When Associate Justice Ruth Bader Ginsburg was writing the majority opinion striking down the Virginia Military Academy’s ban on admitting women, Associate Justice Antonin Gregory Scalia showed her his scathing dissent which she described it as being “a zinger, filled with distaining footnotes.” She later wrote how much she appreciated his critique of her point of view as it helped her improve her final draft.
In the heat of the political madness, the oasis of perspective provided by the stories of how these Justices shared their love of Opera, wine, and intellect sets an example of how reaching across the table (or better yet, asking for someone to pass something down the table) may help allay some of our angst about living with people with different and opposing opinions.
After all, one of the keys to being resilient is to avoid or at least mitigate adverse and stressful situations before they appear. Connecting with people in a personal way will help to better understand their thoughts and ideas.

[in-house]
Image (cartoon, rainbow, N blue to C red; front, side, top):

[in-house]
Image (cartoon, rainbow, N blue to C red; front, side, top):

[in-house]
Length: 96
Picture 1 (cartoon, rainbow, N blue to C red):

In an interview with Scalia’s son, Chris, he shared the story about how his dad had purchased 2 dozen roses for his “friend Ruth” on the occasion of her birthday. He was jokingly questioned by a colleague about why he would be so nice to her since she had never sided with him on any opinion. Justice Scalia responded that “some things are more important than votes.” While many of us might disagree with that in today’s political climate, we can hopefully agree that perhaps we don’t have to lose our friendships over it.
© Richard Citrin 2020